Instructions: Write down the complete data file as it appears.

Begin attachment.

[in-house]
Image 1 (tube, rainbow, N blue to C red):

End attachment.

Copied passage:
[in-house]
Image 1 (tube, rainbow, N blue to C red):